|Asia-Pacific III 2008
|Mobile voice messaging
|Dr Inderpal Singh Mumick
|CEO and co-founder
&TDr Inderpal Singh Mumick is a Co-Founder, Chairman and CEO of Kirusa. A serial entrepreneur, Dr Mumick previously co-founded Savera Systems, where he was the CEO and the CTO. Before Savera, Dr Mumick was a Principal Technical Staff Member at AT Laboratories, A member of the technical staff at AT&T Bell Laboratories, and a Research Student Associate at the IBM Almaden Research Center, Dr Mumick is the author of eighteen patents, over ten patent pending applications, and over 40 technical papers in leading journals and conferences, the co-editor of a book on Materialized Views, a frequent speaker at conferences and trade shows around the world, and has articles featured in European Communications, Silicon India, and The Hindustan Times. Voice & Data recognized him as one of the top 50 in India’s Telecom Diaspora. Dr Mumick received a Bachelor of Technology in Computer Science and Engineering from the Indian Institute of Technology, where he was awarded the President’s Gold Medal, and a PhD in Computer Science from Stanford University. He completed Mini MBAs in Finance and General Management from the AT&T School of Business and an Executive MBA for Growing Companies from Stanford University. Dr Mumick is listed in various Who’s Who publications.
Mobile services are rapidly advancing beyond just voice and SMS; a great number of value-added services are now available, including games, news, Internet access, music and financial services. Mobile messaging is more than just SMS nowadays. Many operators are starting to offer voice and even video SMS. In addition to being better at conveying emotions, voice is quicker than keying and lets even the world’s illiterate users, and those whose language does not use the Roman alphabet, send and receive messages.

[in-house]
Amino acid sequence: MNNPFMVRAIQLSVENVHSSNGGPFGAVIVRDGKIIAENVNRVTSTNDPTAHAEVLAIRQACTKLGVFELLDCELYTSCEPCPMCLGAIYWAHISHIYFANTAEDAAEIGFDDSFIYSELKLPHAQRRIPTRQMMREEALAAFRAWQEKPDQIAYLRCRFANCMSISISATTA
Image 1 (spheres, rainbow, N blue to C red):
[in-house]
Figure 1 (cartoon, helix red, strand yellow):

Mobile phones today have moved beyond their fundamental role of communications and have become an extension of an individual’s persona. Users buy mobile phones not just to be in touch, but to express themselves, their attitude, feelings and interests. Customers continuously want more from their phones. They use their cellular phones to play games, read news headlines, surf the Internet, keep a tab on astrology, listen to music, or even check their bank balance. Today’s consumer wants more than just a voice call and SMS, which leads us to value-added services. A vast world exists beyond voice service and the cellular industry is tapping into it. Mobile phone subscribers are beginning to choose their operators based on their value-added services (VAS). The importance of VAS has also pushed content developers to constantly strive to develop better, more innovative services. The world over, voice still generates about 90 per cent of operator revenues. However, this percentage has been steadily falling due to the rapid rise in non-voice revenues. Although voice revenues are falling, the overall operator revenues have increased, thanks to the many VAS that operators have launched. Mobile messaging has become a very popular and powerful mode of communication. Today businesses, governments, schools, even family life would feel the impact if emails, instant messaging and SMS text messaging were suddenly to stop. Bear in mind their relative scales: IM, Instant messaging, has about half a billion users worldwide; email has about a billion; but two billion people actively use SMS text messaging. Amongst all the VAS, short messaging service (SMS) has proved to be the rabbit pulled out of a magician’s bag. The messaging culture started in the nineties. Today almost one in two people in the world send messages. Fishermen in Africa send messages to stores in local villages to find where they can get the best offers for their catch of the day. Employees in the Philippines get their pay checks sent directly to their phones and then make payments via SMS text messages or withdraw actual cash. Airlines from Finnair in Finland to All Nippon Airways in Japan allow check-in via SMS texting. New communication styles and needs are growing. The popularity of SMS, the emergence of a new mobile generation, and the rising Internet and email penetration and usage foretell a huge market potential for voice SMS service. Voice SMS is a new messaging paradigm; it provides asynchronous communication with voice. Voice SMS brings the power of mobile communication to rural and non-English speaking populations and lets people convey emotions with their voice. Voice SMS is a fast way to send short messages that receivers can retrieve at their convenience. It is similar to an SMS text message, but voice SMS is easier to use. When a voice SMS is sent, an SMS text message is received saying, ‘Hi, I have sent you a voice SMS. Click here to listen to your message, or Dial *0* to listen to your message.’ One click and you are listening to your new message in the voice of the sender. You can also reply with your own voice, or forward the message to any other mobile. Voice SMS is attracting customers from different regions around the globe and has positioned itself firmly as a viable messaging option in the mobile phone industry that is raking in US$85 billion in revenues from value-added services. In recent years, the growing mobile subscriber base has had a considerable impact; the Average Revenue per User (ARPU) has shrunk, pulling down the operator margins. As ARPU declines and voice becomes commoditized, the mobile operators are challenged to retain their customers, develop alternative revenue streams, and create a basis for differentiation in high-churn markets. In the wake of changing industry dynamics, telecom operators started looking at mobile value-added short message services. The industry has developed a growing portfolio of services including graphics and wallpaper downloads, ring tones and caller ring back tones (CRBT), SMS contests and games. In the background of such innovation in the mobile space, voice SMS is an excellent option for people to send and receive short voice messages. As a market proposition, voice SMS has added a new dimension to messaging, the most widely used and most successful mobile service today. By adding voice to SMS capabilities, SMS has become faster, easier and more personal without changing its inherent interoperability and ease-of-use benefits. Voice SMS can be added to the wireless infrastructure with minimal impact. While voice SMS provides immense value to mobile subscribers worldwide, it is particularly well suited for multilingual countries that have scores of languages with script-based alphabets that make ‘texting’ more complicated with a standard Roman alphabet keypad. Voice SMS paves the way for value-added services based on this technology. Strategically, the more innovative voice SMS vendors look forward to leverage and build additional products and services, including content-based services, for its customers. The need to connect globally, without having to worry about time zone differences or the high cost of international voice calling, gave rise to international voice SMS. Voice messages are no longer restricted to mobiles. With the help of convergent voice SMS, fixed line and mobile subscribers can exchange voice SMS messages with other fixed line and mobile subscribers. There are several P2A and A2P applications – person to application and application to person messaging – built on top of voice SMS that can be offered. To contact the called party when they are not reachable or not responding, call completion gives the caller an option to leave voice SMS. Video SMS allows any user to send video multimedia messages to a mobile phone. Outbound message delivery is the ability to deliver voice SMS messages using outbound calls. Background Music allows users to enrich and personalize the content. These are just a few of the many value-added services delivered by the industry. Mobile operators have penetrated deeply into the public call office (PCO) segment, especially in the developing markets where people cannot afford mobile phones. In the PCO arena, we see a huge potential market for PCO voice SMS services. With voice SMS, advertising agencies can embed voice in product the message to give a richer and more effective user experience. Moreover, voice SMS can substitute for promotional calls (which are quite disturbing in the course of a meeting or an important discussion), and replace them with voice SMS messages that users can listen to when they have the time. By 2010, we expect over 600 carriers in more than 150 countries to have launched voice SMS. The voice message market is expected to constitute 10 to 20 per cent of the SMS market within four years, which translates to 300 to 600 billion voice messages in a year. In a market where new scenarios and new opportunities are emerging every passing day, the future of voice SMS looks very upbeat.